Second Quarter Update to 2015 Investment Outlook

Abstract

This is the second quarterly update to Segal Rogerscasey Canada’s 2015 Investment Outlook, which summarized the firm’s outlook for the world’s economies and investment markets. This update, “Greeks Seeking Gifts and a Bear in the China Shop — Should Canadians Worry?,” is based on an assessment of the global environment and data after the second quarter (Q2) of 2015.

As noted in the Q2 update’s introduction, the Canadian economy continues to grow — sort of:

It inches along, but far below expectations. The current environment in China may not help, given that a substantial amount of export (commodity) demand comes from that region. Expectations remain that the Canadian economy may still worsen, despite efforts by the Bank of Canada to stimulate the economy through lower interest rates and by weakening the Canadian dollar.

Following this update’s introduction are two sections that use a table format to present the firm’s updated views as of July 2015. Shaded table cells indicate changes or additional information since the publication of the Q1 update to the 2015 Investment Outlook: The updated Global Macroeconomic Outlook Signals section describes key macroeconomic factors driving markets in both developed (Canada, the U.S., the eurozone, Japan and the U.K.) and emerging markets (China, Brazil, Russia, India and others); the updated Asset Class Signals section comments on the direction of specific investments within the following three broad asset classes:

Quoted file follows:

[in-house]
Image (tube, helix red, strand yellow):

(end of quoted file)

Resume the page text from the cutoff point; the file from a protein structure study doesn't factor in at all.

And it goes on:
• Equities  U.S. equities, non-U.S. developed equities and emerging market equities
  • Fixed Income  U.S. core and non-U.S. core fixed income, emerging market debt, high-yield bonds, bank loans, Treasury inflation-protected securities, structured and middle market credit, and long bonds
  • Alternatives  Hedge funds, private equity, real estate, infrastructure, commodities, energy, timber and farmland

There will be one additional quarterly update to the 2015 Investment Outlook, which will be published in late fall.

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